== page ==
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Minuscule 59 (in the Gregory-Aland numbering), ε 272 (Von Soden),[1] is a Greek minuscule manuscript of the New Testament, on parchment leaves. Palaeographically it has been assigned to the 13th century.[2] It has complex contents and some marginalia.

Minuscule 59
New Testament manuscript
Date13th century
Now atGonville and Caius College
Size19.6 cm by 14.5 cm
Handcarelessly written



The codex contains complete text of the four Gospels on 238 leaves (size 19.6 cm by 14.5 cm) with lacunae. The text is written in one column per page, 23 lines per page.[2][3]

The text is divided according to the κεφαλαια (chapters), whose numbers are given at the margin, and their τιτλοι (titles) at the top of the pages. There is also a division according to the Ammonian Sections, but no references to the Eusebian Canons.[4]

It was carelessly written, and exhibits no less than 81 omissions by "homoioteleuton".[4]


The Greek text of the codex is a representative of the Byzantine text-type. Hermann von Soden classified it to the textual family Kx.[5] Aland did not place it in any Category.[6] According to the Claremont Profile Method it represents Kx text in Luke 10 and Luke 20. In Luke 1 it has mixed Byzantine text.[5]

It has some unusual textual variants. In Matthew 23:35 phrase υιου βαραχιου (son of Barachi'ah) is omitted; this omission is supported only by Codex Sinaiticus, three Evangelistaria ( 6, 13, and 185), and Eusebius.[7]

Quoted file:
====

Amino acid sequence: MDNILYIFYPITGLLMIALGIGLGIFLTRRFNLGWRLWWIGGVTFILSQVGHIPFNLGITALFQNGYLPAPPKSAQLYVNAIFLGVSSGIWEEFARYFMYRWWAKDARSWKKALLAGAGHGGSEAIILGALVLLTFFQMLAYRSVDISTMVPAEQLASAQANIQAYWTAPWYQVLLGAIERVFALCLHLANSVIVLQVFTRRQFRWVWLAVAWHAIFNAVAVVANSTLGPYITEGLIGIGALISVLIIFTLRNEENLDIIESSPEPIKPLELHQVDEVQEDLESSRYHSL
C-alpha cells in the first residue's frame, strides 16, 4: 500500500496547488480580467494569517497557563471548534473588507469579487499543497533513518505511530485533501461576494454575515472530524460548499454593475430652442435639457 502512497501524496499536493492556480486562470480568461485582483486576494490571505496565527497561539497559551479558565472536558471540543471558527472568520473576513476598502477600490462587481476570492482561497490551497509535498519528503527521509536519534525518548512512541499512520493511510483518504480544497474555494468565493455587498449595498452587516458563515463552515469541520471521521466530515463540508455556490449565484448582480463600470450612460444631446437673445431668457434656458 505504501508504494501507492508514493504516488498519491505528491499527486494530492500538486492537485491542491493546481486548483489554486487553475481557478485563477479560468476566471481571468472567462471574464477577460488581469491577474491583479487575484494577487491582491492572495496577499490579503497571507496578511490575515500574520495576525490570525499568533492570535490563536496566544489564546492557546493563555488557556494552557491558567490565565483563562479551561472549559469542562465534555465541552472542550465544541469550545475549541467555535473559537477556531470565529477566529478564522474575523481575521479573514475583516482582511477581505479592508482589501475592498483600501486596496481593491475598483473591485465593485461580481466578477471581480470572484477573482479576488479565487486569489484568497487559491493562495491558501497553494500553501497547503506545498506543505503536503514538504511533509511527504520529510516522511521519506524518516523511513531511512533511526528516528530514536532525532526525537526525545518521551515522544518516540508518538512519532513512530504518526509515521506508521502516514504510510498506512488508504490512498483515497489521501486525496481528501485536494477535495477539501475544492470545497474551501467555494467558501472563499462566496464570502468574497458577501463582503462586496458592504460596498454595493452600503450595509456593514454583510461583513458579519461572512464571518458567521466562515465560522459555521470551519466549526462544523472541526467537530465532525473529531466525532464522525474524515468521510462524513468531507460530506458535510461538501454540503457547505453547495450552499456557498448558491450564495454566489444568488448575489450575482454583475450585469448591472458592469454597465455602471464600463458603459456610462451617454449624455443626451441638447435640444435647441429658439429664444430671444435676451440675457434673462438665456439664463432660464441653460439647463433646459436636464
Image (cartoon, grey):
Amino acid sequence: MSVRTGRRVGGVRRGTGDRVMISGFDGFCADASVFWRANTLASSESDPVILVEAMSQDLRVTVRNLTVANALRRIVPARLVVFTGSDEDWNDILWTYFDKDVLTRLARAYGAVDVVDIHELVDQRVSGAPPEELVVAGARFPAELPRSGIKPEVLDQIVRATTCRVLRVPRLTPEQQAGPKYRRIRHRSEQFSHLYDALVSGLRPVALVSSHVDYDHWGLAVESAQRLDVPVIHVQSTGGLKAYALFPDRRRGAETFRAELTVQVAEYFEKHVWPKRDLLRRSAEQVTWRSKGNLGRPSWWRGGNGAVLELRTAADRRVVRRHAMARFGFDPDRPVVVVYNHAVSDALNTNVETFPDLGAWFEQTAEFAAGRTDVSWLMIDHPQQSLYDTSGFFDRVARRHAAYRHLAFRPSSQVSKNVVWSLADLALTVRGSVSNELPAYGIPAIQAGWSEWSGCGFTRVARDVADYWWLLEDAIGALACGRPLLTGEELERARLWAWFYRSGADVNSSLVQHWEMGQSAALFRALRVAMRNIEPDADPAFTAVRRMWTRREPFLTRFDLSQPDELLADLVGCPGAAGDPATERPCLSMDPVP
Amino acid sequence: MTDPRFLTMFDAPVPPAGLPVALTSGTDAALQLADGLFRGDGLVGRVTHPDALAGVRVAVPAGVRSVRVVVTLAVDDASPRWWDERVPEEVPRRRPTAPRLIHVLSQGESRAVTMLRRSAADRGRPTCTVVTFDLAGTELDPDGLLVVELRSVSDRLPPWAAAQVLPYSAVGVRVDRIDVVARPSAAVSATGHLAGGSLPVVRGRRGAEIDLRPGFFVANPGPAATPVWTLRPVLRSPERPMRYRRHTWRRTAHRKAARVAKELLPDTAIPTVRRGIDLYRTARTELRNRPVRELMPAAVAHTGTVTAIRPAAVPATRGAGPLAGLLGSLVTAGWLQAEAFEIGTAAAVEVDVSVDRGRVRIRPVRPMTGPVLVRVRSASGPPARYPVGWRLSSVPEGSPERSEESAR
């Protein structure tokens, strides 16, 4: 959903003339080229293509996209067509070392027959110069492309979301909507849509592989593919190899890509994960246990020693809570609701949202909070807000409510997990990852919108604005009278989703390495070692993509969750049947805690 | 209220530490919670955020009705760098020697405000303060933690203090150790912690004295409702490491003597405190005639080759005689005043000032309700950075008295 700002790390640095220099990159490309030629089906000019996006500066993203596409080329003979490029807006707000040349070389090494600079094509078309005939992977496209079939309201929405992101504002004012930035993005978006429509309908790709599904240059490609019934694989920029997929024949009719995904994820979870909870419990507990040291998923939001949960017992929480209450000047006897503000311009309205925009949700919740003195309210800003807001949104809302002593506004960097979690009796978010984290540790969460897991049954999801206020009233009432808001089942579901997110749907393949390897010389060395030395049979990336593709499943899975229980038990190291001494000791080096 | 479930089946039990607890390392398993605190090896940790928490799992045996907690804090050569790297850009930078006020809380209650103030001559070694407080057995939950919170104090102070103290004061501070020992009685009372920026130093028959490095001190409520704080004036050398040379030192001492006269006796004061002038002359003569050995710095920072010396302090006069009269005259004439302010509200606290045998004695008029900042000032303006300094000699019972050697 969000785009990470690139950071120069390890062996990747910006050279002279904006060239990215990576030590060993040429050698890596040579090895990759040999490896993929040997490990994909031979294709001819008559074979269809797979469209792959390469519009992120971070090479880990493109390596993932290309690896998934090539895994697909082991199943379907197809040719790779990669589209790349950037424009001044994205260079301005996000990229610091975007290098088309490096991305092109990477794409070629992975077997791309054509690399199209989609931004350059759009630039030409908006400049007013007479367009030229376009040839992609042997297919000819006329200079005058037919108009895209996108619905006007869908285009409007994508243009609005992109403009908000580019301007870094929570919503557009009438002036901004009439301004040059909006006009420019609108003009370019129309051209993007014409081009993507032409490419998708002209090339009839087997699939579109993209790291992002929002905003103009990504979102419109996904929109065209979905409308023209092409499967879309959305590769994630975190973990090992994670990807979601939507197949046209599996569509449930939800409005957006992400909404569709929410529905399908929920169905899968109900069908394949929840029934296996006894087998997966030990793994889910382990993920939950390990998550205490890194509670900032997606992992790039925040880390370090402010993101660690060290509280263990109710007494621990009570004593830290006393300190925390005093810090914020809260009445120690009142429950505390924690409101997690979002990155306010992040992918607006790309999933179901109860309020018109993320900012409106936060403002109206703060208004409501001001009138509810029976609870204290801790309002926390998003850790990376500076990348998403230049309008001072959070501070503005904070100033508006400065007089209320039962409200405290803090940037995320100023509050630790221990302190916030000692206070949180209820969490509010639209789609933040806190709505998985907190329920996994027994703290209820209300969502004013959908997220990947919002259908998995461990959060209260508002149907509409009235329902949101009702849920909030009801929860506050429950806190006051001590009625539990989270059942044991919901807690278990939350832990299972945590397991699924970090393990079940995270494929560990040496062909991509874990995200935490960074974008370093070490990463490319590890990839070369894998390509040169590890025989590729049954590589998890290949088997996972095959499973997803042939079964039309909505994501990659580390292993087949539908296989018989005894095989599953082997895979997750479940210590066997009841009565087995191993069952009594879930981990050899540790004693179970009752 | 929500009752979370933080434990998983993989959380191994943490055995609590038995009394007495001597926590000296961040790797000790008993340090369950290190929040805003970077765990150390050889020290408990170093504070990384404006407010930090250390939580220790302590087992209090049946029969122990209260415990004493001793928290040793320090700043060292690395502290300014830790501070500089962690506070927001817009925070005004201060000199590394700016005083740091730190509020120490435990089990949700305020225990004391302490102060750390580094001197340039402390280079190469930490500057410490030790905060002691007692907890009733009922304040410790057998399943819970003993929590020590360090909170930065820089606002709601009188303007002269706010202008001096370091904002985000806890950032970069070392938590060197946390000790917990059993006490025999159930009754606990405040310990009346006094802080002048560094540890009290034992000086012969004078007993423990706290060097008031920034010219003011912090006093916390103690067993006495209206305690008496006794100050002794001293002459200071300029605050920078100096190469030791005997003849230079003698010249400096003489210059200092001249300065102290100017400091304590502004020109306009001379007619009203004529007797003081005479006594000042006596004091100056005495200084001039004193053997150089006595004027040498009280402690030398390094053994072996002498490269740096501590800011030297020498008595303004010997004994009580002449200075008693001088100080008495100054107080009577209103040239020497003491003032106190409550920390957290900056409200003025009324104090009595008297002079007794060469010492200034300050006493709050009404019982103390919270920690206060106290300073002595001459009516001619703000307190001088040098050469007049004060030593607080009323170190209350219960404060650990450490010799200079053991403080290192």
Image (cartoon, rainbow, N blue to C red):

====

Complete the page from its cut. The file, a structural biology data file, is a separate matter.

The manuscript once belonged to the House of Friars Minor at Oxford. In 1567 Thomas Hatcher gave it to Gonville and Caius College, Cambridge (not 1867, as Scrivener wrote).[8] It was examined by Mill, Wettstein (in 1716), minutely collated by Scrivener in 1860.[4] C. R. Gregory saw it in 1886.[3]

It is currently housed in at the Gonville and Caius College (Ms 403/412), at Cambridge.[2]

See alsoEdit


  1. ^ Gregory, Caspar René (1908). Die griechischen Handschriften des Neuen Testament. Leipzig: J. C. Hinrichs'sche Buchhandlung. p. 50.
  2. ^ a b c K. Aland, M. Welte, B. Köster, K. Junack, "Kurzgefasste Liste der griechischen Handschriften des Neues Testaments", Walter de Gruyter, Berlin, New York 1994, p. 50.
  3. ^ a b Gregory, Caspar René (1900). Textkritik des Neuen Testaments. 1. Leipzig: Hinrichs. p. 142.
  4. ^ a b c Scrivener, Frederick Henry Ambrose; Edward Miller (1894). A Plain Introduction to the Criticism of the New Testament. 1 (4 ed.). London: George Bell & Sons. p. 199.
  5. ^ a b Wisse, Frederik (1982). The Profile Method for the Classification and Evaluation of Manuscript Evidence, as Applied to the Continuous Greek Text of the Gospel of Luke. Grand Rapids: William B. Eerdmans Publishing Company. p. 54. ISBN 0-8028-1918-4.
  6. ^ Aland, Kurt; Aland, Barbara (1995). The Text of the New Testament: An Introduction to the Critical Editions and to the Theory and Practice of Modern Textual Criticism. Erroll F. Rhodes (trans.). Grand Rapids: William B. Eerdmans Publishing Company. p. 138. ISBN 978-0-8028-4098-1.
  7. ^ Scrivener, Frederick Henry Ambrose; Edward Miller (1894). A Plain Introduction to the Criticism of the New Testament. 1. London: George Bell & Sons. p. 342.
  8. ^ J. Rendel Harris, The origin of the Leicester Codex (London 1887), p. 19.

Further readingEdit